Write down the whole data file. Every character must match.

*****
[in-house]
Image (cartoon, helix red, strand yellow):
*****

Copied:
[in-house]
Image (cartoon, helix red, strand yellow):